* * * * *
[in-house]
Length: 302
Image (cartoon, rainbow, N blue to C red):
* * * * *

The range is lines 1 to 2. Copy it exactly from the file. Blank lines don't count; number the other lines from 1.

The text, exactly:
[in-house]
Length: 302